Thanks to our reader Cam for spotting this GTi and sending it in!


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  1. I had one back in 1983. It was an 84 red no sunroof and it was my dream car in college. I had no issues with the car until I hit 36,000 mile and the CV joints were making all kinds of noises. the 36k warranty just ran out and VW sent a field rep to my dealer and he said no dice on the warranty work for the CV’s. I was really PO’d and got the issue repaired and drove it for another year and sold for a Buick Regal GN (not the RWD but the 88 with FWD. I know….)

    The GTI was a great car and I regularly had it on 3 wheels on highway ramps. I would scare buddies on those ramps as they felt the rear inside wheel lift in turns. Maybe that had something to do with why the CV’s were worn out in 36,000 miles:)

  2. Maybe the difference is Wolfsburg vs. Westmoreland…

    I had an ’84 Jetta GLI bought new in June of 1984. The shift linkage came apart on day one, but was put back together within 10 minutes. A relay in the air conditioning system fried in month 2. I killed one C-V joint at 39K miles through my own abuse of the car. I broke one exhaust hanger. That, my friends, is all that went wrong in 3 years/62K miles of ownership.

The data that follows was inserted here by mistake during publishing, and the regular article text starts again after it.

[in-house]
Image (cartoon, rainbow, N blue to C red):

At this point, initial build quality is far less important than the maintenance that has been done over the last 32 years. Personally, I have a problem with paying more for a car than it cost when it was new, but that’s probably just me. If you really want one that is very close to original condition, there aren’t many examples out there and they get fewer every year.

  3. Looks like a solid car at a good price. Would make a great starting point for a young enthusiast. Though a 924 would too, and is far easier to upgrade.

    I miss my GTI. Tempting to buy this one, but you can never go back. You’ll just be disappointed.

    An ’84 was my first ‘new’ car. Here’s the story: